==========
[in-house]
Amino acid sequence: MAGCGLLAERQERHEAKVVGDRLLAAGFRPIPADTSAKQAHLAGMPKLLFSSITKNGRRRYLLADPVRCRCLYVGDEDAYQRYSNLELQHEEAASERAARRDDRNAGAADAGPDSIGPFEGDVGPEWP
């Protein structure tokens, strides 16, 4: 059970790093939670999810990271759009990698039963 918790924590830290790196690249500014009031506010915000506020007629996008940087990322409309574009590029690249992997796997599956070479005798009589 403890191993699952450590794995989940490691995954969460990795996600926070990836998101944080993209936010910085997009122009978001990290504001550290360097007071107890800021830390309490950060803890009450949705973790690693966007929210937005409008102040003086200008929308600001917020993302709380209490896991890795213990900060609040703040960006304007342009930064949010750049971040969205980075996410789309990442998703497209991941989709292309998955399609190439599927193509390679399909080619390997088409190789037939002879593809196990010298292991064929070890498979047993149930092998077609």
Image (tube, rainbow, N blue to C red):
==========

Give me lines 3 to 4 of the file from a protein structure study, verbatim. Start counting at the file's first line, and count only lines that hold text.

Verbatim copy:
């Protein structure tokens, strides 16, 4: 059970790093939670999810990271759009990698039963 918790924590830290790196690249500014009031506010915000506020007629996008940087990322409309574009590029690249992997796997599956070479005798009589 403890191993699952450590794995989940490691995954969460990795996600926070990836998101944080993209936010910085997009122009978001990290504001550290360097007071107890800021830390309490950060803890009450949705973790690693966007929210937005409008102040003086200008929308600001917020993302709380209490896991890795213990900060609040703040960006304007342009930064949010750049971040969205980075996410789309990442998703497209991941989709292309998955399609190439599927193509390679399909080619390997088409190789037939002879593809196990010298292991064929070890498979047993149930092998077609």
Image (tube, rainbow, N blue to C red):